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Hello fellow Finimizer, this Weekly Review is for the week of Jul 11-15 and should take you 3:10 minutes to read.

Governments Need To Step Up Their Game

As central banks (arguably) run out of ammunition, it’s looking more likely that many governments around the world will ramp up their spending in an effort to boost economic growth (a.k.a. “fiscal stimulus”). That could be good for markets and, hopefully, the overall economy.


    • Over the past few years, the President of the European Central Bank has consistently pushed for more spending from governments to support the central bank’s actions. > Read our story

    • Six weeks ago, a major intergovernmental organization (the OECD) called on governments around the world to boost their spending to stimulate economic growth. > Read our story

    • This week, Japanese stocks performed well partly on expectations that big stimulus initiatives are coming soon. > Read our story

Connecting The Dots

For the past eight years, central banks have been using some extreme measures (like negative interest rates) to try to help their economies grow. But the result has been underwhelming: growth has trundled along at well below its long-term average. So the question is: what’s next?

For years, economists and central bankers have been pushing governments to spend more money to stimulate growth.1 Most obviously, the money could be spent building infrastructure (e.g. airports, high-speed railways) that can then be used to increase economic efficiency (a.k.a. “productivity”) in the future.2 For example, if hotel furniture can get from Portugal to London at a lower cost, then it’s more likely that a London hotel will order new furniture. Similarly, if someone in midtown Manhattan could get to an airport more quickly, they’re more likely to fly down to Florida for the weekend. The benefits are, in theory, two-fold: more jobs now and more economic activity in the future.


  1. Stimulus would probably be good for stocks.
    Specific companies would benefit from getting, say, construction contracts.3 But also the immediate boost to the economy would likely benefit lots of different types of companies (for example, more employed people would mean more consumer spending).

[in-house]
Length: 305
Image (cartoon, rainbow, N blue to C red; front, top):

2. It’s called “stimulus” for a reason - it’s only meant to give the economy a kick-start.
    If you’re not a coffee drinker, you’d get a big caffeine buzz off of a single espresso. But if you drink lots of coffee everyday, the buzz is much less. Similarly, the effect of fiscal stimulus diminishes with time (just like the effect of low interest rates does).4 For long-term economic benefits to be realized, it’s likely that bigger reforms that make the economy more efficient will have to take place. These could include controversial measures like increased immigration (especially in Japan), lower taxes on businesses (especially in America) and making it easier to hire and fire workers (especially in Europe).

On Our Radar

More big US companies are raising wages for their workers. This week, both Starbucks and J.P. Morgan announced that they would be increasing hourly pay for their baristas and bank tellers, respectively (these are people making roughly $10-15/hour). A host of other big US companies have done this in the past year or so (including Walmart). Rising wages could start feeding through more aggressively into inflation - which could put pressure on the US Federal Reserve to raise interest rates more quickly that investors currently expect.

Further Reading

1. Economists, via Reuters, lay out the case for fiscal stimulus: Read More

2. South Korea could prove to be a good example of how a big fiscal stimulus push would work: Read More

3. Strategas Research Partners, via Business Insider, lay out the types of stocks that are likely to benefit from fiscal stimulus: Read More

4. Pimco’s Scott Mather questions the efficacy of low and negative interest rates: Read More

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